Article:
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Study in Hong Kong sparks new therapeutic target for lung cancer

30 January 2024 | News

Seeking new hope for lung cancer treatment from the tumour microenvironment

Lung cancer is the leading cause of cancer deaths in Hong Kong and worldwide, but there is still an unmet clinical need for effective therapeutic strategies. A new study from The Chinese University of Hong Kong (CUHK)’s Faculty of Medicine (CU Medicine) has discovered that lung cancer can utilise a blood formation regulator to construct tumour microenvironment. The team validated the translational potential and safety of this new target on experimental models, demonstrating its clinical relevance for lung cancer.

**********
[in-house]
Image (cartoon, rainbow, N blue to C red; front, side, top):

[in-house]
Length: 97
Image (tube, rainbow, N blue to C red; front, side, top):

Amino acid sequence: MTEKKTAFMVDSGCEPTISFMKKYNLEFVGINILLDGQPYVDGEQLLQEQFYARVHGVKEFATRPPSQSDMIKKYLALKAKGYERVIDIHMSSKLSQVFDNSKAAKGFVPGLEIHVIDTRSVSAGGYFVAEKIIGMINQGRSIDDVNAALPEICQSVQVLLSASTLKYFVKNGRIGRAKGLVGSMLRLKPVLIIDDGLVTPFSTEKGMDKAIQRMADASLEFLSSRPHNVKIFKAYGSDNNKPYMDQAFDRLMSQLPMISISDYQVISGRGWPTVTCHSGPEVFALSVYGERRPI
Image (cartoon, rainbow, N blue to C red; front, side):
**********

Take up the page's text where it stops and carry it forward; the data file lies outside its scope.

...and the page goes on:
The researchers attempted to investigate the underlying regulation at the single cell level and unexpectedly discovered that a hematopoietic regulatory factor Runx1 (Runt-related transcription factor 1) is critical for promoting patients’ macrophages undergoing Macrophage-Myofibroblast Transition (MMT), which may represent an effective target for lung cancer treatment.

The preclinical data generated from this work will serve as an important rationale for further transforming tumour microenvironment discoveries into clinical applications. It may eventually develop into an effective solution to end cancer via targeting MMT.

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